RTE may find crime really does pay
Father & Son (RTE1)
Questions and Answers (RTE1)
It's probably unwise to over-praise a new drama series on the strength of just one episode. How many times have we seen something start brilliantly only to collapse into a heap before the final hurdle?
That said, Father & Son, a four-part co-production from RTE and ITV, written by Irishman Frank Deasy, got off to a blisteringly good start and gripped like wet rope. Most crime dramas these days seem to come with demented serial killers, piles of forensic pyrotechnics and a quirky, ultra-clever detective as standard ingredients.
Father & Son, set in Manchester and Dublin, but with the latter doing a convincing job of portraying both cities, has none of these elements. It's a proper, tough, gritty thriller of the kind television doesn't make enough of any more.
If it reminds you of anything, it's of the kind of stuff writers such as Trevor Preston and the Kennedy Martin brothers, Troy and Ian, used to turn out for ITV in the 70s and early-80s, but with an added edge of social realism.
The excellent Dougray Scott convincingly plays Michael O'Connor, a former criminal hardman in Manchester who has been out of prison for a year and is quietly building a new life in Wicklow with his girlfriend Anna (Flora Montgomery), who's about to give birth to their child.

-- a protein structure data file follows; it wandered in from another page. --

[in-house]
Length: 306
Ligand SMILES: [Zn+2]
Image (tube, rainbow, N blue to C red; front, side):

But Michael, a widower who turned his back on his old life after his wife was murdered, has another child: a teenage son called Sean (Reece Noi), who lives back in Manchester with Michael's sister-in-law Connie (Sophie Okonedo), who happens to be a policewoman.
In the space of an electrifying opening 10 minutes, Sean and his girlfriend Stacey (Wunmi Mosaku) witness a friend of theirs, who is involved in the city's gang wars and packing a gun, being gunned down by rival teenage gang members. Sean unmasks one of them as a kid he used to know at school.
The pair flee the scene but later pursue Sean and Stacey to hospital, and try to kill them as well. The vampish, manipulative Stacey, who pocketed the gun their friend had been carrying, uses it on the killer but Sean, anxious not to be seen as a wimp, lets her pin the rap on him. When the other kid dies, he faces a murder charge.
Michael returns to Manchester to help his son, and thus we have the classic crime story set-up of the bad guy gone good being pulled back into the old world he's tried to leave behind.
Throw in Ian Hart as a vengeful cop (and Connie's boss), Terence Maynard as an old associate of Michael's with an agenda of his own to fulfil, and Stephen Rea as a menacing former IRA man with who Michael once did some gun-running, and what you have here is the makings of a top-notch thriller. If the next three courses are as good as the starter, this should be something to really get your teeth into.
"The past is another country in Ireland," said Pat Rabbitte on the very last Questions and Answers. Maybe so, but it was interesting to note the sheer number of young political faces in old clips who are now old faces, and still hanging around like a bad smell. Goodbye to all that.
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Questions and Answers * *